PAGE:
A doctor performs a physical examination, a review of the patient’s symptoms and multiple tests, such as blood, urinalysis and imaging studies, to diagnose lupus, according to Mayo Clinic. Lupus diagnoses are difficult, since the symptoms of lupus often mimic those of other conditions and vary widely between people.
Doctors must rely on multiple tests during the diagnostic process for lupus, notes Mayo Clinic. Lupus may cause a low white blood cell count or a low platelet count, which are measurable on a complete blood count test. An erythrocyte sedimentation rate test looks for elevated settling of red blood cells in a test tube, which may indicate lupus. Because lupus may affect the kidneys and liver, these organs are tested as well. Urine tests are conducted to look for elevated red blood cells or protein in the urine.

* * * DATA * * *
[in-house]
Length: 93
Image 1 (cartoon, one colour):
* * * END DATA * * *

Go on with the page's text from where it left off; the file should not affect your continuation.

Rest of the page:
During the process of diagnosis, a doctor may order an antinuclear antibody, or ANA, test to look for the presence of antibodies produced by a stimulated immune system, notes Mayo Clinic. A positive ANA test may indicate lupus.
Imaging studies, such as chest X-rays and echocardiograms, are also useful in diagnosing lupus that affects the heart or lungs, advises Mayo Clinic. If lupus has damaged the kidneys, a kidney biopsy is part of diagnosis.